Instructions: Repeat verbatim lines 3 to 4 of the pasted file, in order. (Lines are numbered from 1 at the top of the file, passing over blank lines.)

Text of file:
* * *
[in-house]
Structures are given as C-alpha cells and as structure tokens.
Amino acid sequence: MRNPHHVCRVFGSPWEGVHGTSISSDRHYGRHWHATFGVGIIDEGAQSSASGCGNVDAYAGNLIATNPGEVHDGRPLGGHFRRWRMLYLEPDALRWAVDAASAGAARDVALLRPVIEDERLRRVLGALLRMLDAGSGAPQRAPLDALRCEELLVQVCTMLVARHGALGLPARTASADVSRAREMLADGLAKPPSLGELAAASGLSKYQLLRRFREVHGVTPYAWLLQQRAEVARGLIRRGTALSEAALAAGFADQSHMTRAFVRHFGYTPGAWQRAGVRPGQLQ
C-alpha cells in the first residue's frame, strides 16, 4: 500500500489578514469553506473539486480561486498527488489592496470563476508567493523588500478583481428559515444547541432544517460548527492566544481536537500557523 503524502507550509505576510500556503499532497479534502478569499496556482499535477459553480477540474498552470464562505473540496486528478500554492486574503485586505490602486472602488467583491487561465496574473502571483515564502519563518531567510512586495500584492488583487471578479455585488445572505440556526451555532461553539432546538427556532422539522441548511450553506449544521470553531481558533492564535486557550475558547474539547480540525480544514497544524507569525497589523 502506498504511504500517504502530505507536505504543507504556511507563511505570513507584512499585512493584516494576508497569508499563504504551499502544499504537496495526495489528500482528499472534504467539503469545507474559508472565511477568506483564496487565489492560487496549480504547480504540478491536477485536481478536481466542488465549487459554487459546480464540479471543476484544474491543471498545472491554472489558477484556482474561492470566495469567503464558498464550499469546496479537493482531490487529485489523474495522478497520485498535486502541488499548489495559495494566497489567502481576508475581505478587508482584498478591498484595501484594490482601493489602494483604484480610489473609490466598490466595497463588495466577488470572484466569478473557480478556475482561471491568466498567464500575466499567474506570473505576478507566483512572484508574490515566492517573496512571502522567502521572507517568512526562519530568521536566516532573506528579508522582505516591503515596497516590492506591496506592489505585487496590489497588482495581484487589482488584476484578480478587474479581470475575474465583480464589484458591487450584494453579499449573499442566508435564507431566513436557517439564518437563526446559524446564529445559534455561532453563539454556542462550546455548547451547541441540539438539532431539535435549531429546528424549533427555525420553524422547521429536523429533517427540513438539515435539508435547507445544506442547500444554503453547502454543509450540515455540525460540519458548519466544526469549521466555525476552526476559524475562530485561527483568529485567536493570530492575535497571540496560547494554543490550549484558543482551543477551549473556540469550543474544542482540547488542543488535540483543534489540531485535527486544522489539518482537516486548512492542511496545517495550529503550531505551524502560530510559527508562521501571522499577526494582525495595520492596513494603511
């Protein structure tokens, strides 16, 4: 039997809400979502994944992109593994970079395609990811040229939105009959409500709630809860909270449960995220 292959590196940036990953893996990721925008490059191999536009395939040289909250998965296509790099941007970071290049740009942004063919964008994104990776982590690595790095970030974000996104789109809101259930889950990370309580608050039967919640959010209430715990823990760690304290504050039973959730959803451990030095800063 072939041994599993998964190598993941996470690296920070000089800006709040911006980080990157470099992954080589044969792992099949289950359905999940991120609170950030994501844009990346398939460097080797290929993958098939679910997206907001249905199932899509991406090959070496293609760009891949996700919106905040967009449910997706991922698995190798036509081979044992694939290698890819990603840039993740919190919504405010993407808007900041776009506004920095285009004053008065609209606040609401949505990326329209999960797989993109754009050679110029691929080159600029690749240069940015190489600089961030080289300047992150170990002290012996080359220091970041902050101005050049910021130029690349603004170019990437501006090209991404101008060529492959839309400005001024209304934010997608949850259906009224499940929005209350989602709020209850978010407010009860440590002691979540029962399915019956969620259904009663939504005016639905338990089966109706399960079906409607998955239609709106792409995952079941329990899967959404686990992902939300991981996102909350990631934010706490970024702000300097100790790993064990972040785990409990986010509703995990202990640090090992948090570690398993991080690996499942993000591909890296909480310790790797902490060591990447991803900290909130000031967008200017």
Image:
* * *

Amino acid sequence: MRNPHHVCRVFGSPWEGVHGTSISSDRHYGRHWHATFGVGIIDEGAQSSASGCGNVDAYAGNLIATNPGEVHDGRPLGGHFRRWRMLYLEPDALRWAVDAASAGAARDVALLRPVIEDERLRRVLGALLRMLDAGSGAPQRAPLDALRCEELLVQVCTMLVARHGALGLPARTASADVSRAREMLADGLAKPPSLGELAAASGLSKYQLLRRFREVHGVTPYAWLLQQRAEVARGLIRRGTALSEAALAAGFADQSHMTRAFVRHFGYTPGAWQRAGVRPGQLQ
C-alpha cells in the first residue's frame, strides 16, 4: 500500500489578514469553506473539486480561486498527488489592496470563476508567493523588500478583481428559515444547541432544517460548527492566544481536537500557523 503524502507550509505576510500556503499532497479534502478569499496556482499535477459553480477540474498552470464562505473540496486528478500554492486574503485586505490602486472602488467583491487561465496574473502571483515564502519563518531567510512586495500584492488583487471578479455585488445572505440556526451555532461553539432546538427556532422539522441548511450553506449544521470553531481558533492564535486557550475558547474539547480540525480544514497544524507569525497589523 502506498504511504500517504502530505507536505504543507504556511507563511505570513507584512499585512493584516494576508497569508499563504504551499502544499504537496495526495489528500482528499472534504467539503469545507474559508472565511477568506483564496487565489492560487496549480504547480504540478491536477485536481478536481466542488465549487459554487459546480464540479471543476484544474491543471498545472491554472489558477484556482474561492470566495469567503464558498464550499469546496479537493482531490487529485489523474495522478497520485498535486502541488499548489495559495494566497489567502481576508475581505478587508482584498478591498484595501484594490482601493489602494483604484480610489473609490466598490466595497463588495466577488470572484466569478473557480478556475482561471491568466498567464500575466499567474506570473505576478507566483512572484508574490515566492517573496512571502522567502521572507517568512526562519530568521536566516532573506528579508522582505516591503515596497516590492506591496506592489505585487496590489497588482495581484487589482488584476484578480478587474479581470475575474465583480464589484458591487450584494453579499449573499442566508435564507431566513436557517439564518437563526446559524446564529445559534455561532453563539454556542462550546455548547451547541441540539438539532431539535435549531429546528424549533427555525420553524422547521429536523429533517427540513438539515435539508435547507445544506442547500444554503453547502454543509450540515455540525460540519458548519466544526469549521466555525476552526476559524475562530485561527483568529485567536493570530492575535497571540496560547494554543490550549484558543482551543477551549473556540469550543474544542482540547488542543488535540483543534489540531485535527486544522489539518482537516486548512492542511496545517495550529503550531505551524502560530510559527508562521501571522499577526494582525495595520492596513494603511